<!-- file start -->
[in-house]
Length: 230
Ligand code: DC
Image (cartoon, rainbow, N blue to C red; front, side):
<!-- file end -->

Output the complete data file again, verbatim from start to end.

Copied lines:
[in-house]
Length: 230
Ligand code: DC
Image (cartoon, rainbow, N blue to C red; front, side):